Curtis and his 16-year-old accomplice were arrested on site. There were already warrants out for Curtis' arrest in South Australia, Victoria and Tasmania and he had also served jail time in Queensland.

But just eight months later, in October 1986, Curtis managed to break out of Risdon Prison in a laundry cart, triggering a statewide manhunt.

Armed with a prison table knife which had been sharpened to a point, the heavily tattooed 183cm fugitive led police on a wild-goose chase across the state. Air and sea ports were closed or put on tight surveillance, roadblocks were erected, and the police repeatedly warned the public that Curtis could easily abduct a hostage and was experienced in doing so.

Eventually, an entire media blackout was imposed after detectives speculated that he was evading police by listening to news reports on the radio.

But a trail of breadcrumbs were being left behind. A yellow Holden station wagon had been stolen from a Glenorchy caryard, meat had gone missing from a Deloraine farm, and Curtis' fingerprints were found in a deserted farmhouse in Ellendale with its front door broken open.

Across the state there were dozens of reported sightings for police to comb through, while police helicopters searched bush area.

Curtis' escape set off a massive manhunt. Picture: Supplied
Curtis' escape set off a massive manhunt. Picture: Supplied

Finally, nine days after the breakout, Curtis was tracked down and apprehended by a police squad, following a tip-off from the public.

He was growing a beard, had disposed of his prison-issued Khaki uniform, and was found wearing blue jeans, a blue cardigan and white T-shirt.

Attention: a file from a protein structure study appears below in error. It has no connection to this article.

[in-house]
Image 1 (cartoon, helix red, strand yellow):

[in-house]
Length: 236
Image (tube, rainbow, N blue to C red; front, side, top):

Chillingly, when apprehended, he was lurking on a neighbouring country property to where Tameka was being kept under police guard.

"I got a phone call and they told me they got him," she says. "They told me to look out the window and I would see him driving past in just a moment and that I could wave".

I WANT TO SPEAK OUT

Since then, Tameka has lived in a heightened state of fear, amplified by her PTSD which she still has to this day.

Until now, she has also been gagged by Tasmania's repressive sexual assault victim gag-laws, which make it a crime for rape survivors to speak to media under their real names.

"The killer already knows my name. This law doesn't protect me one bit" she told news.com.au last year, under an enforced pseudonym.

"It just works to silence me. But this is my story to tell, and I should be the one to tell it," she said.

Since then, donations made to the #LetHerSpeak GoFundMe have covered Tameka's court costs, and her legal work has been performed pro-bono by Marque Lawyers.

"I took my case to the Supreme Court and I won" she says.

"I'm now speaking out on the anniversary of Dean's murder to warn the public of the risk Curtis still poses to the community. He should never be released."

Tameka joined the #LetHerSpeak campaign last year. Picture: NIKKI DAVIS-JONES
Tameka joined the #LetHerSpeak campaign last year. Picture: NIKKI DAVIS-JONES

Yet in June 2018, despite pleas from Tameka and Dean's family, Curtis was released on parole.

The Parole board decision noted at the time that Curtis still displayed a "high number of psychopathic traits" which "cannot be cured", but went on to praise his "polite and courteous" engagement with prison staff.

Later it was discovered that within weeks of his release, Curtis had set up a prohibited Facebook account under the alias "Steve Johnson" and joined multiple dating sites including eHarmony, Plenty of Fish, Be Naughty, Naughty Date, Zoosk and Be2.

Then, in September 2018, police took out a restraining order against him, fearful that he would kill a woman who he had met through one of those dating websites.